The organ façade in the Cathedral of Madrid
Façade design by S. Platt
La Cadereta (The Positive)
The Órgano Mayor (The Great Manual)
View of façade pipes from the inside
This organ was conceived as a synthesis of the Central European Organ Building Traditions at the end of the XX century, along with the richest and most interesting contributions of the Iberian School which we have studied in our extensive restoration work on many historical instruments.
This instrument is meant to add solemnity to important celebrations as well as various cultural acts; it must therefore be not only highly versatile but call attention to itself physically and musically in a challenging acoustical setting of such grand dimensions.
Despite its size, the instrument is capable of great sensitivity musically, and like all works of art it wants to create a balance between all the different elements which go into making it up. Its 71 stops allow for a wide range of performance possibilities.
Four of the organs five divisions are present in the façade, in which the instruments internal structure clearly delineated (Werkprinzip). Each division fulfils a function and has distinct musical features.
The Rückpositiv or Cadereta is placed at the organists back and adds brilliance to the whole. Besides its role as an accompanying division, stops such as the Flauta travesera or the Cromorno are true solo stops. The Cadereta is divided into two separate parts; this removes all obstacles to the organists field of vision and facilitates his contact with the choir and the assembly.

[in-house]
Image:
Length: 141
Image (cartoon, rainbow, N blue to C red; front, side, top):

The Great Organ or Órgano Mayor is the instruments backbone, its main division. It is based on the 16' pipes in the centre. The façade is topped with an ornamental golden sun.
The Recitativo-Expresivo is an indispensable division for the performance of Romantic-style music. This division contains stops of great warmth both in timbre and harmonics; the result is acoustically rich and colourful. This division is also enclosed in a swell box which allows us to achieve a wide dynamic range.
The Trompetería de Batalla or Solo manual functions as a subdivision of the trompetería de batalla on historical Iberian organs, but also includes other stops such as the Corneta as well as a Violón 8' or the Flauta Dulce 4' which let us switch from a primarily solo function to an accompanying role. The "en chamade" trumpets, apart from the visual impact of horizontal pipework also gives the instrument a pronounced and unique sound.
Pedal: The two 16' pedal towers flank the Órgano Mayor and house the 32'and 16' pipes. There are also solo stops in the pedal division.
Since the churchs acoustics demand an instrument in which precision and clarity are of utmost importance, suspended tracker action was used, and even though all the pipes are fed directly from the windchest, the organist still feels the action is sensitive and light even when the four manuals are coupled.
After the organ had been completely mounted in the church and the finishing touches put on the case, the instrument was artistically voiced so as to make it both generous and energetic. (Let no one mistake this for simply loud or even forced). And in spite of the lively acoustical situation, our aim was to give the organ a clean and transparent sound even in the farthest nooks and crannies of the church.